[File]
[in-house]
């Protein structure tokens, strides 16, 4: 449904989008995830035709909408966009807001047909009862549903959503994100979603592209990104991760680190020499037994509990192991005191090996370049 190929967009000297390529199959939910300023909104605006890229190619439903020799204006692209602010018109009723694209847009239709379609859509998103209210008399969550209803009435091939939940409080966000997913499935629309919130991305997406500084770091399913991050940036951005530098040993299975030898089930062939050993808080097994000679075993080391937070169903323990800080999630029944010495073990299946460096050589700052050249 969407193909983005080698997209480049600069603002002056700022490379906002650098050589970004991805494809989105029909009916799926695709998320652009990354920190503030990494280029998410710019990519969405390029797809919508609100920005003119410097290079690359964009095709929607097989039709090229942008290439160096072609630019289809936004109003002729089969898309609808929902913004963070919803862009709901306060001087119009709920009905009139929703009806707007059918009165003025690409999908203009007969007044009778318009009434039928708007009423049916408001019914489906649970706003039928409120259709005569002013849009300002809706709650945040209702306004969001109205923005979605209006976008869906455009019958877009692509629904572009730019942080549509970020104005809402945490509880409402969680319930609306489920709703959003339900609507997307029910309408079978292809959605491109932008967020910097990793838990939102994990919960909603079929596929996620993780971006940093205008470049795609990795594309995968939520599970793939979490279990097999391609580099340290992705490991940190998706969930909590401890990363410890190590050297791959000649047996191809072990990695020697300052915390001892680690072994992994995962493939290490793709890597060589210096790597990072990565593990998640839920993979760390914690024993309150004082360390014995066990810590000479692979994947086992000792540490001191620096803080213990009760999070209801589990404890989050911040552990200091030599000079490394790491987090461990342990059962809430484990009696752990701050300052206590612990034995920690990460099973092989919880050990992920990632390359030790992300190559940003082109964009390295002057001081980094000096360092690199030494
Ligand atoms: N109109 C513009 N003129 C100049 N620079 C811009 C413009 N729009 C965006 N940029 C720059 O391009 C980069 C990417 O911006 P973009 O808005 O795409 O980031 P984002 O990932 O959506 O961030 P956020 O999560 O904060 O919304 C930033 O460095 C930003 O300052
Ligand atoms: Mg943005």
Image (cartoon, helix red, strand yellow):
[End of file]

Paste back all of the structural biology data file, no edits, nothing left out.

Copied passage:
[in-house]
């Protein structure tokens, strides 16, 4: 449904989008995830035709909408966009807001047909009862549903959503994100979603592209990104991760680190020499037994509990192991005191090996370049 190929967009000297390529199959939910300023909104605006890229190619439903020799204006692209602010018109009723694209847009239709379609859509998103209210008399969550209803009435091939939940409080966000997913499935629309919130991305997406500084770091399913991050940036951005530098040993299975030898089930062939050993808080097994000679075993080391937070169903323990800080999630029944010495073990299946460096050589700052050249 969407193909983005080698997209480049600069603002002056700022490379906002650098050589970004991805494809989105029909009916799926695709998320652009990354920190503030990494280029998410710019990519969405390029797809919508609100920005003119410097290079690359964009095709929607097989039709090229942008290439160096072609630019289809936004109003002729089969898309609808929902913004963070919803862009709901306060001087119009709920009905009139929703009806707007059918009165003025690409999908203009007969007044009778318009009434039928708007009423049916408001019914489906649970706003039928409120259709005569002013849009300002809706709650945040209702306004969001109205923005979605209006976008869906455009019958877009692509629904572009730019942080549509970020104005809402945490509880409402969680319930609306489920709703959003339900609507997307029910309408079978292809959605491109932008967020910097990793838990939102994990919960909603079929596929996620993780971006940093205008470049795609990795594309995968939520599970793939979490279990097999391609580099340290992705490991940190998706969930909590401890990363410890190590050297791959000649047996191809072990990695020697300052915390001892680690072994992994995962493939290490793709890597060589210096790597990072990565593990998640839920993979760390914690024993309150004082360390014995066990810590000479692979994947086992000792540490001191620096803080213990009760999070209801589990404890989050911040552990200091030599000079490394790491987090461990342990059962809430484990009696752990701050300052206590612990034995920690990460099973092989919880050990992920990632390359030790992300190559940003082109964009390295002057001081980094000096360092690199030494
Ligand atoms: N109109 C513009 N003129 C100049 N620079 C811009 C413009 N729009 C965006 N940029 C720059 O391009 C980069 C990417 O911006 P973009 O808005 O795409 O980031 P984002 O990932 O959506 O961030 P956020 O999560 O904060 O919304 C930033 O460095 C930003 O300052
Ligand atoms: Mg943005």
Image (cartoon, helix red, strand yellow):